Then comes the ritual of the loft door. All the furniture from my rental property is stored in the loft, so it’s impossible to walk around. This didn’t stop me climbing over all the furniture for months to check that invisible people hadn’t opened all the windows, naturally because of the infestation of serial killers in my local neighbourhood. Unfortunately, my entry into the loft meant I had to do the dark dark dark thing with the lights 50 times, and the whole thing brought back painful memories of the violent row I’d had with Fred at 6am in the loft when he’d hit me and smashed up the house. So I decided I would lock the loft door. But that doesn’t stop the invisible people from getting busy with my locks. So every night I have to OPEN the loft door to check that no marauding serial killers have opened the door leading from my house to my gorgeous roof terrace. This involves not touching the lock (as it sets the burglar alarm off) but using a torch to forensically inspect the frame and glass of the door to prove it is closed and that I’m not under imminent attack. Of course for a normal person it might be possible to just look at the door but, for someone with OCD, I have to shine the torch slowly and carefully on every inch of the door. Then repeat that process 10 times.

Then there are the lights on the roof terrace which I fear would cause annoyance to my neighbours if they were left on at night. That requires a karate chop motion round every light 50 times. Then I have to lock the loft door and check it 400 times. You can see why I have no life. And why I kept phoning my social worker at the psychiatric crisis unit saying I wanted to cut my throat.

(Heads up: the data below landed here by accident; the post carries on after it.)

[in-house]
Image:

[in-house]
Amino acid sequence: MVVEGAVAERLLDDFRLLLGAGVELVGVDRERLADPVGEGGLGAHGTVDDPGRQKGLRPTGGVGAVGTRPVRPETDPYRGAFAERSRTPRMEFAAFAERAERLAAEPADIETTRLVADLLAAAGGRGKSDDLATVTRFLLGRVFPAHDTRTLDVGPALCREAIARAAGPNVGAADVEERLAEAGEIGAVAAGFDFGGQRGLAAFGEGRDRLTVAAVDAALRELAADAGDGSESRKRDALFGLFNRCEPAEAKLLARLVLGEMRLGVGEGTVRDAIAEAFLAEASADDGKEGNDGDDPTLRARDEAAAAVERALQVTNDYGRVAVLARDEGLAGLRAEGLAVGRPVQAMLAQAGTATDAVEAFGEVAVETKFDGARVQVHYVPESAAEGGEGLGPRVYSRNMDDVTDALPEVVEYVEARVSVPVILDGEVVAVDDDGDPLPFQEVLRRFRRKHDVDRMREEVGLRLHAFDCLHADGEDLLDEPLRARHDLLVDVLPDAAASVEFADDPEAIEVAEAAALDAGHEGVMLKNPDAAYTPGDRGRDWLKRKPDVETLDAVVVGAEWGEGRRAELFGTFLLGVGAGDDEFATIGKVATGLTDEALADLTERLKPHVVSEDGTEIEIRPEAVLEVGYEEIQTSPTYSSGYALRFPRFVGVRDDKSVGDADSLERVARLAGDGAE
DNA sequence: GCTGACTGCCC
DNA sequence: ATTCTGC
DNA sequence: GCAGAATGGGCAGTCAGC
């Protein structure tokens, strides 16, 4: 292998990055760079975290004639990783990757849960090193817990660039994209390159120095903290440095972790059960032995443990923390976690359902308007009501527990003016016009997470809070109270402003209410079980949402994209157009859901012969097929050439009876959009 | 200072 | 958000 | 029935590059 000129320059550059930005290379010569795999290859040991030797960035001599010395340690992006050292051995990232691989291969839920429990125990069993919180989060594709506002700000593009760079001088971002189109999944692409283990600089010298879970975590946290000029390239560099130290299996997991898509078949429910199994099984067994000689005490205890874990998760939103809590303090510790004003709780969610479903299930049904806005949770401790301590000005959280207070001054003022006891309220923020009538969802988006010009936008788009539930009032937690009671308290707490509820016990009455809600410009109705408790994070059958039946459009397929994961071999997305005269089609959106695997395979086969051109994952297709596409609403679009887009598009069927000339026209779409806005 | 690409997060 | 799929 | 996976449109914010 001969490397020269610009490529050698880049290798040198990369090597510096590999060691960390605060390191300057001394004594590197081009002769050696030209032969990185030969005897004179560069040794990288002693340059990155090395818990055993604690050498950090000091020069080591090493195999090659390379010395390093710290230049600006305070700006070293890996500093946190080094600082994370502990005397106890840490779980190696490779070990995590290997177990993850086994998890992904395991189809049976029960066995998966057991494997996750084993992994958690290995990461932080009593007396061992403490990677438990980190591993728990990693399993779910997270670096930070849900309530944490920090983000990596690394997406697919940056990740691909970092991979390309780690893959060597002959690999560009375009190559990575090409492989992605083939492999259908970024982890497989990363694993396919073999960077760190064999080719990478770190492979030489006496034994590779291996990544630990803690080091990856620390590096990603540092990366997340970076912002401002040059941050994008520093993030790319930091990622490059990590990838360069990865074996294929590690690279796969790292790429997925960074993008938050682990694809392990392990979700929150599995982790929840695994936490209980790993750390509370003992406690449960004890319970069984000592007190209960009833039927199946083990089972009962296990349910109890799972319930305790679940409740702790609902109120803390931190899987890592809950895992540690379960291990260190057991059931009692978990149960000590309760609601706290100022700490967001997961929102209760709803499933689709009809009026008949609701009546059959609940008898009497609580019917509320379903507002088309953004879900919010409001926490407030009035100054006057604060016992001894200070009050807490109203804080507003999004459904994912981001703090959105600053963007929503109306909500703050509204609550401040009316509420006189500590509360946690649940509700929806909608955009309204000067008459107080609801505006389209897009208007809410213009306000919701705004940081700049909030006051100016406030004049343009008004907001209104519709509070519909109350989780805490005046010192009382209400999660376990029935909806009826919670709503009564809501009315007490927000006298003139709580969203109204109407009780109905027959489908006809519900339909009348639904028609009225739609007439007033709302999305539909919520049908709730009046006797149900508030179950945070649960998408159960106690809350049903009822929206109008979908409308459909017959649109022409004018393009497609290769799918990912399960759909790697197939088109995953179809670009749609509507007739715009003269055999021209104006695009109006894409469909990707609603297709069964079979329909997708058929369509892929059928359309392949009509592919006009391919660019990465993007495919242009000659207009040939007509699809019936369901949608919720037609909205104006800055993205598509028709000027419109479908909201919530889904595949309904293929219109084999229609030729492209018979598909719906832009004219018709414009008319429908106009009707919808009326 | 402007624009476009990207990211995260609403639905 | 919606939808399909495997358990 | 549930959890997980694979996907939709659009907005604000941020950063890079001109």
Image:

I was forced to move out of the main bedroom after I kept being woken up by a car alarm at 3am. As I was (literally) having a nervous breakdown trying to manage the building project at my rental property these 3am wakeups could not be endured. I first tried to board up the windows with sound proof boards, leading everyone in the street to assume that I had died. But when this was ineffective moved into the tiny back bedroom of my house. There was nothing in the main bedroom I’d moved it all out with me. But that didn’t stop me checking the locked door 200 times every night. Then I had to do the karate chop ritual with all the first floor lights. Then lie on my stomach (on top of a special towel to prevent germs) and hang over the top of the stairs and do (a slightly different) karate chop ritual with the downstairs lights.

Then I had to lock the door of the back bedroom turning the key in the lock 400 times, try to pull the door open (to prove it was locked) 400 times. Then close the bolts and check they were closed 400 times. As this back bedroom had no ensuite bathroom I would have to go through this half hour ritual every time I went to the loo, which clearly wasn’t possible so I was back on the bucket instead. But every time I did a wee in the bucket I had to do about half the door check again. Then I would check the chest of drawers and cupboards for miniature serial killers. Although the room was locked all day and so no one could get in those pesky invisible people who could get through locked doors forced me to check all the locks and bolts on the French doors at least 200 times. I say “French doors” due to my fear that an agile serial killer could put a ladder up to the 1st floor window I had had my builder board up the French doors with ply. I never saw daylight in that room.